• isellhondasisellhondas Issaquah WashingtonPosts: 17,610
    OK,

    In 2002 the 4 cyl Accords and CRV's went to a timing chain that does not require replacement. It should last the life of the car.

    The 1997-2001 CRV's used a belt that should be replaced at 105,000 miles or 7 years. It's an expensive job but once it's done, it's done. A person would be foolish not to replace the water pump, seals and drive belts while they are "in there".

    If a person doesn't know if the belt has been changed, it is possible to pry back the timing belt cover and look in there with a flashlight. It's about a half hour job and it's not 100% foolproof but there are markings on the belt that a Honda Tech can look at and see if it's been replaced.

    Note, I said a HONDA Tech. They deal with these every day and when they say it's been replaced, it has been.

    Not a good thing to take a chance with.
  • isellhondasisellhondas Issaquah WashingtonPosts: 17,610
    Not a ripoff. That's about what a dealer charges.

    If you decide to take it elsewhere you might save a bit buit make sure they know what they are doing. It's not an easy job!
  • jaoonjaoon Posts: 1
    Would you give more information about HONDA TECH, location, website etc?
  • isellhondasisellhondas Issaquah WashingtonPosts: 17,610
    I was referring to any Honda dealer.
  • I just had the timing belt, water pump, and serpentine belt replaced on my Honda CRV 2001. 2 days later, I started the car with my driver's door open and noticed it was knocking like a deisel. I let it warm up and it quieted down but never disappeared completely. I take it back to the mechanic and now he says the tensioner needs to be replaced for another $400 most of which is labor. The CRV has 117,000 miles on it which is why I was having the timing belt replaced. Shouldn't he have replaced the tensioner at the same time? He's telling me that the new belt made it go bad. Of course, the labor is to take it apart which wouldn't be necessary if they'd done it in the first place. They were quick to tell me other things that were wrong - like my valve cover gasket and an engine mount needed to be replaced, my brakes needed to be replaced/resurfaced, the oil pan had a leak and needed to be resealed, etc. But they didn't think the tensioner needed to be replaced???? By the way, two other mechanics have looked at the oil pan and there is absolutly nothing wrong with it. I would just switch mechanics but I feel they owe me what I paid $865 for plus another $350 for the motor mount and the gasket. Oh and this IS a Honda tech doing the work (or claims to be). Thanks for ANY help you can give me. :mad:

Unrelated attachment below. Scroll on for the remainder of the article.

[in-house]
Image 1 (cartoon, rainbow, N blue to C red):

• blueiedgodblueiedgod Posts: 2,803
    The normal procedure is to replace the timing belt, tensioner and water pump, since the cost of parts is significantly lower than the cost of labor.

    Was the work performed at the dealership, or is the Honda Tech doing it on the side?
  • Another example of the importance of having the work done by a mechanic that knows and understands the vehicle.
    My mechanic, (independent), also replaces some seals that are very inexpensive and are easy to replace when doing the timing belt procedure. I think they are cam seals, but I'm not positive.
    He also adjusts the valves during that procedure since it is so easily done at the time.
  • Thank you very much for your response. It was at a Honda Dealership. The same one I bought from in 2001. I emailed him early this morning to let him know I expected the tensioner to be replaced at the cost of the part only. Haven't heard back. Wonder why.... I've always praised the Honda name but I surely won't again and certainly won't buy one again unless there is a dealership with an ethical service department in the area. :mad: